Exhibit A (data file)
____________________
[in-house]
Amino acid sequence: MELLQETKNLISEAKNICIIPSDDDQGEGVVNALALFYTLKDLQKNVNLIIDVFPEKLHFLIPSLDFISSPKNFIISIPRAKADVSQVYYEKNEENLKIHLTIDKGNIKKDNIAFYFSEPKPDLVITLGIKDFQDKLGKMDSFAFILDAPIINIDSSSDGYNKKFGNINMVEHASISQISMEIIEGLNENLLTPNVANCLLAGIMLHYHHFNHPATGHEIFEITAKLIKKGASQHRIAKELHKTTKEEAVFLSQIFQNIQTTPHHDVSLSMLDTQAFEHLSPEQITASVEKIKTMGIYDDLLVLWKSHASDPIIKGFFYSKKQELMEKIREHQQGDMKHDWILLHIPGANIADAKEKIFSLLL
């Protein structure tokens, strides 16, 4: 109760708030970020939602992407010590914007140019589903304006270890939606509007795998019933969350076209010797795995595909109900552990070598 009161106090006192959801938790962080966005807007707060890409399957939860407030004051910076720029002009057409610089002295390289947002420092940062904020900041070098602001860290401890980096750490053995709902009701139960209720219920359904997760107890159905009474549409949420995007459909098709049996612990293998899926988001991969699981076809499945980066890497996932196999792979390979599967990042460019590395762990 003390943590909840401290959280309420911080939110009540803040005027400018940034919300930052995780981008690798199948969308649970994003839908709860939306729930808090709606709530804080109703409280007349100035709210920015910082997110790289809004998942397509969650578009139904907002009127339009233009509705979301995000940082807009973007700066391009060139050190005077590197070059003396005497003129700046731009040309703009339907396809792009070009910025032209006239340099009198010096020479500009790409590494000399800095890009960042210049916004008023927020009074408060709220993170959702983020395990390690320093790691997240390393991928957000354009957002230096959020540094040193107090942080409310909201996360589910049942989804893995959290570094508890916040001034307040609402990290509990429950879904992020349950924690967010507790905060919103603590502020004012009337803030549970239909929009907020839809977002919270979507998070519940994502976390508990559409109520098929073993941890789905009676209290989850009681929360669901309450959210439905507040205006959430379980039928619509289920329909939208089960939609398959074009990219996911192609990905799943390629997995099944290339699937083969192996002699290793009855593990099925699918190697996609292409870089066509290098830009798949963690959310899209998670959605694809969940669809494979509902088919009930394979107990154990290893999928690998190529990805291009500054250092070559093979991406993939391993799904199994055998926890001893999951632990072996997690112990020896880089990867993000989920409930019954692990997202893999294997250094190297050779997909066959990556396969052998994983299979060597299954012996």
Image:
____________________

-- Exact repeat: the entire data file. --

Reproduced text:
[in-house]
Amino acid sequence: MELLQETKNLISEAKNICIIPSDDDQGEGVVNALALFYTLKDLQKNVNLIIDVFPEKLHFLIPSLDFISSPKNFIISIPRAKADVSQVYYEKNEENLKIHLTIDKGNIKKDNIAFYFSEPKPDLVITLGIKDFQDKLGKMDSFAFILDAPIINIDSSSDGYNKKFGNINMVEHASISQISMEIIEGLNENLLTPNVANCLLAGIMLHYHHFNHPATGHEIFEITAKLIKKGASQHRIAKELHKTTKEEAVFLSQIFQNIQTTPHHDVSLSMLDTQAFEHLSPEQITASVEKIKTMGIYDDLLVLWKSHASDPIIKGFFYSKKQELMEKIREHQQGDMKHDWILLHIPGANIADAKEKIFSLLL
């Protein structure tokens, strides 16, 4: 109760708030970020939602992407010590914007140019589903304006270890939606509007795998019933969350076209010797795995595909109900552990070598 009161106090006192959801938790962080966005807007707060890409399957939860407030004051910076720029002009057409610089002295390289947002420092940062904020900041070098602001860290401890980096750490053995709902009701139960209720219920359904997760107890159905009474549409949420995007459909098709049996612990293998899926988001991969699981076809499945980066890497996932196999792979390979599967990042460019590395762990 003390943590909840401290959280309420911080939110009540803040005027400018940034919300930052995780981008690798199948969308649970994003839908709860939306729930808090709606709530804080109703409280007349100035709210920015910082997110790289809004998942397509969650578009139904907002009127339009233009509705979301995000940082807009973007700066391009060139050190005077590197070059003396005497003129700046731009040309703009339907396809792009070009910025032209006239340099009198010096020479500009790409590494000399800095890009960042210049916004008023927020009074408060709220993170959702983020395990390690320093790691997240390393991928957000354009957002230096959020540094040193107090942080409310909201996360589910049942989804893995959290570094508890916040001034307040609402990290509990429950879904992020349950924690967010507790905060919103603590502020004012009337803030549970239909929009907020839809977002919270979507998070519940994502976390508990559409109520098929073993941890789905009676209290989850009681929360669901309450959210439905507040205006959430379980039928619509289920329909939208089960939609398959074009990219996911192609990905799943390629997995099944290339699937083969192996002699290793009855593990099925699918190697996609292409870089066509290098830009798949963690959310899209998670959605694809969940669809494979509902088919009930394979107990154990290893999928690998190529990805291009500054250092070559093979991406993939391993799904199994055998926890001893999951632990072996997690112990020896880089990867993000989920409930019954692990997202893999294997250094190297050779997909066959990556396969052998994983299979060597299954012996």
Image: